a kinder, gentler philosophy of success

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This morning, I came across an update in a Morning Club update, posted by Georgi L, with this TED talk by Alain de Botton on the topic of a gentler philosophy of success .

I found it really insightful and it touches on a few concepts that I’d like to address myself. I encourage you to watch the video and then read my thoughts below.



Envy in the Workplace


At 3:55, Alain brings up the feeling of envy as it applies to careers. Though he speaks from a work standpoint alone, I think this same phenomenon happens frequently in the blog world.

Because we can connect in age and background with many “successful” bloggers online, it is easy to confuse this relatability with the fact that everyone should be able to achieve the same “successful” outcomes. This is what Alain says leads to disappointment or envy.

But Alain’s entire speech proves the “level playing field” idea is actually impossible. By removing the pressure and strain that comes from the thought that we are all the same, we can allow for a variety of outcomes and focus on our own progress.

I also loved his comments on defining success from a personal perspective, which would help overcome this feeling of envy.


The Evolution of Nature


Alain also says (at 11:55) that nature has become more important in our lives, as society stops worshipping things beyond humanity.

And though I intellectually understand that spirituality and religion have diminished over many eras, I personally don’t agree that nature is only a way to escape the current “worship of humans,” as he said.

My personal opinion is that nature is also one of the best places to connect to the Universe/life/spirit/God/truth. So for me, I don’t see nature as simply an escape from traditional worship. I see it as a potential – spiritual – gateway to that which is eternal and larger than ourselves.

In my own spiritual journey this summer, I have found that looking at Lake Michigan has brought more centeredness and peace than any other place in my life. It is there where I can let go of my ego and connect with my intuition the most.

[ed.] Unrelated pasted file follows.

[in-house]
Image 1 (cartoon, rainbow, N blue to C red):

Therefore, though many people do not pursue nature for spiritual reasons, I believe there is a connection to nature for some people in a spiritual context as well.


We Can’t Have it All


At 12:55, Alain also goes on to share that we cannot have it all. We cannot become successful at everything. And he says that “any definition of success has to admit what it is losing out on.”

This is an absolutely liberating fact.

I also fully believe that living intentionally embraces this notion. Intentionality is about selecting to pursue the things that mean the most to us, accepting that there will always be an opportunity cost.

In my career, since graduating and starting my business full-time, I have always sacrificed a secure paycheck and a retirement account. And though I have made a lot of strides since my early days, I still am not at a place to financially dedicate money towards a retirement account. And my ‘market value’ in a corporate job would still pay more than my current salary. Though these two facts may change in the future, I do think it is important to honestly share them to practice this principle of honesty and success.

In my personal life, I have a wonderful apartment that I love which is decorated exactly as I want. But because we live in such a nice area of Chicago in such a large apartment, we are delaying a condo or home purchase. We also decided to elope to Paris last year – another intentional decision that played to our deepest intentions. We don’t have a house or a traditional wedding. We do have the apartment/home we love in our favorite area with wonderfully intimate wedding memories.

Do I consider myself successful by my own definition? Absolutely. But that doesn’t mean that others would risk the same things, nor should they in order to achieve their personal definition of success.


All in all, I really appreciate the points Alain shares as they relate to seeking intentional success in our own lives.

This Post Has 8 Comments

  1. Tanea

    This is wonderful! I agree with everything you’ve said. The concepts are so simple, yet it’s so easy to let small things get to me (in relation to envy and having it all). I see how understanding these concepts can greatly improve my chances of success. Thanks so much for this!

  2. I get caught up in comparing myself to other people’s success, but when I look closer, I realize I don’t want the same kind of success they achieved.

  3. Merissa

    TED is always great, and I love your comments about the opportunity cost that comes with following intention. Great post!

    1. Thanks, Merissa! I agree, I think we can all infer a lot of times what the opportunity cost might be for some versions of success we see, but we discount it as not meaningful because we want the ‘shiny’ side of success that they have so badly.

      Or, we might not even know that the sacrifice is there, and we just assume that there is never any trade off someone else may have had to make – especially one that we ourselves might never want to make anyways.

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